Using Lent to Rewrite Her Story

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Sometimes the journey toward healing involves a little bit of “fake it ’til you make it.” 
By Jenneffer Sixkiller

 

 

This is my first season to celebrate Lent. A self-defined seeker but long-time believer, part of what recently drew me to the Anglican faith is the liturgy and structure—the church calendar, Advent, Epiphany and Lenten seasons, the latter kicked off ceremonially with the smearing of an ash cross on the foreheads of the hopeful. Being also internally driven and goal-oriented, I wanted my experience this season to be big, have deep meaning, and be life-changing. Not just giving up sweets, for example.

Pope Francis challenged Christians in his 2015 address to “fast from indifference to others” within a broader theme of love. Bold, progressive, provocative, perfect!  I was just starting to understand that Lent isn’t only about giving away and suffering, but also about renewal and self-reflection.  As members of the Church, we must care for ourselves in order to keep our Body strong and able to serve.

We’re all familiar with 1 Corinthians 12, how the church is one body, many parts, but what about the many facets of ourselves? Is there one true self we should be searching for, or can there exist more than one self simultaneously, changing over time? In her new book Presence, psychologist Amy Cuddy studies the self and how to incorporate all the elements of us at the same time in order to be empowered. She calls this “synchrony,” or “the synchronous self.” This is achieved when our actions are consistent with our values. Carl Jung describes this as individuation, happening when we align our beliefs, values, and actions. Individuation is healing, and actually the ultimate goal of Jungian therapy. Cuddy famously displays her “fake it until you become it,” technique on Ted.com, where she stands in front of the bathroom mirror, striking a “Superwoman” pose. This method of healing is based on body language and movement; another time-honored form of therapy is writing, and both appeal to me.

In South African exiled writer J.M. Coetzee’s novel, Disgrace, the protagonist is brutally attacked and detained while his daughter is assaulted in an adjoining room. She picks up the pieces of her life and refuses to be broken by the experience, but he cannot—hence the book’s title. While some may not choose to read literature that illustrates some of the worst parts of humanity, the resolution of the story has a great Lenten lesson to teach us: there always exists the possibilities of love and redemption, if we can open our hearts.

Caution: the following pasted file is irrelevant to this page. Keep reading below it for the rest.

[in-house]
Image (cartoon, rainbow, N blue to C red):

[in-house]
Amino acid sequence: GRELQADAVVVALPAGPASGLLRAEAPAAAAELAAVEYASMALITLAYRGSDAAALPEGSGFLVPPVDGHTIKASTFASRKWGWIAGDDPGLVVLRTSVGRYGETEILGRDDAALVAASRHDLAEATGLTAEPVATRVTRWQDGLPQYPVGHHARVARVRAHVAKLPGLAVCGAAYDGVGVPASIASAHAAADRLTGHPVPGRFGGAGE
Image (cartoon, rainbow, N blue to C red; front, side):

In this kind of believable fiction, a story which tackles great tragedy and explores character so deeply, we realize the connection between openness and self-discovery.  Cuddy’s fake it until you become it technique is similar to the idea supported by various 12 step programs, requiring the individual to step out of her comfort zone, and into the open. If I use this technique, essentially, I am beginning to rewrite the character of me inside my head—and then I act out this character in real life, until slowly, I “become” the newly written, re-developed, self.

With this new tool, I am now empowered to make the choice to be defined by tragedy or to leave old self behind, as often as I need—I can rewrite my own story. Rather than spiraling downward and turning inward when life gets rough, withdrawing into myself, this Lenten season, I will choose the victory of life. I will remember that being with real, breathing people in the outside world is more engaging and “exaltingly beautiful,” as Coetzee puts it, than the people I’ve created in my head. In his semi-autobiographical, “Youth,” the lucky poet lives dynamically, outside his own fiction, proceeding with a “readiness to fail and fail again.”

Remember that, as Christians, God is the author and protector of our faith. We have only our old self to lose. Won’t you join me in getting lost?

 

Jenneffer Sixkiller is a member of Trinity Episcopal Church.

 

 

 

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This article was originally published in the Spring 2016 edition of Trinity Topics. Read other articles from this and other editions online here.

 

 

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